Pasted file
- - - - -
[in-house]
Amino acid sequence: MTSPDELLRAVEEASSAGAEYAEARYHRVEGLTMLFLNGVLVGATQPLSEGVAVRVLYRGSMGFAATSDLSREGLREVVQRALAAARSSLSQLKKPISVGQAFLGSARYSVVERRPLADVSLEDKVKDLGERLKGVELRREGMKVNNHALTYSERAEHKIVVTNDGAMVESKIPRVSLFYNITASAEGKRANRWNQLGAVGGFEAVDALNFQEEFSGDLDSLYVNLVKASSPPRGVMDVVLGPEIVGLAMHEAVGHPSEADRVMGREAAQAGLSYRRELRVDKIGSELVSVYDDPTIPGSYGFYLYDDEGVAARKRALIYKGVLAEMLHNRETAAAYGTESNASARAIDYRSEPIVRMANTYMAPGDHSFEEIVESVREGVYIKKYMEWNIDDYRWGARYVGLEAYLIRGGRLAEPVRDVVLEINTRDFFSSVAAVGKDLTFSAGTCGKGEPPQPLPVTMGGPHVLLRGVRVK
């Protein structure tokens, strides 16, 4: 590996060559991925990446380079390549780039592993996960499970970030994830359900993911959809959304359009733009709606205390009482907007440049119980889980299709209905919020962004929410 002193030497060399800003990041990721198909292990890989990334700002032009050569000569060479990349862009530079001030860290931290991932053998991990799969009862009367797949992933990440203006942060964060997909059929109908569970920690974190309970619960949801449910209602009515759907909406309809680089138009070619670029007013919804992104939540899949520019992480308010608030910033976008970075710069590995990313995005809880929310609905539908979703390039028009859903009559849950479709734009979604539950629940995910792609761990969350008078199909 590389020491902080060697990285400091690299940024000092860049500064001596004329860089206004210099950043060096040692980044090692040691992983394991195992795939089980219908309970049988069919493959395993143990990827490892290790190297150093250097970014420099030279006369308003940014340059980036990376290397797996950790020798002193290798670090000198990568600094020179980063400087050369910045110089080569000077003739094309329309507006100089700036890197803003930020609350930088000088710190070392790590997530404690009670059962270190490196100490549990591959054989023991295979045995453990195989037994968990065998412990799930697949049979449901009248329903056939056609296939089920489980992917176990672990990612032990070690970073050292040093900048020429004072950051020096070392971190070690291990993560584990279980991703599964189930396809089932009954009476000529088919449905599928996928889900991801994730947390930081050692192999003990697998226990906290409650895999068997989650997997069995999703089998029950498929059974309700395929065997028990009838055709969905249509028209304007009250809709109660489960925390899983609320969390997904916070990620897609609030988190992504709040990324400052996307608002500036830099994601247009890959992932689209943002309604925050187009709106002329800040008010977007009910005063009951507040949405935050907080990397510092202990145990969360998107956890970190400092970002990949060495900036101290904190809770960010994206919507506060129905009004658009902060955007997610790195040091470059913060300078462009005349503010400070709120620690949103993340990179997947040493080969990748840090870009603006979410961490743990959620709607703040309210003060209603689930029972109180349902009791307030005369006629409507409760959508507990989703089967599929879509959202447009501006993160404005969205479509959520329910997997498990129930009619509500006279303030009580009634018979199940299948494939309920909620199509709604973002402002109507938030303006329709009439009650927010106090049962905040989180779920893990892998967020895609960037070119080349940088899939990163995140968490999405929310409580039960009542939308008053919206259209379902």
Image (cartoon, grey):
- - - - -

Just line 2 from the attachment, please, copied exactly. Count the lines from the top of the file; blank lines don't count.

Amino acid sequence: MTSPDELLRAVEEASSAGAEYAEARYHRVEGLTMLFLNGVLVGATQPLSEGVAVRVLYRGSMGFAATSDLSREGLREVVQRALAAARSSLSQLKKPISVGQAFLGSARYSVVERRPLADVSLEDKVKDLGERLKGVELRREGMKVNNHALTYSERAEHKIVVTNDGAMVESKIPRVSLFYNITASAEGKRANRWNQLGAVGGFEAVDALNFQEEFSGDLDSLYVNLVKASSPPRGVMDVVLGPEIVGLAMHEAVGHPSEADRVMGREAAQAGLSYRRELRVDKIGSELVSVYDDPTIPGSYGFYLYDDEGVAARKRALIYKGVLAEMLHNRETAAAYGTESNASARAIDYRSEPIVRMANTYMAPGDHSFEEIVESVREGVYIKKYMEWNIDDYRWGARYVGLEAYLIRGGRLAEPVRDVVLEINTRDFFSSVAAVGKDLTFSAGTCGKGEPPQPLPVTMGGPHVLLRGVRVK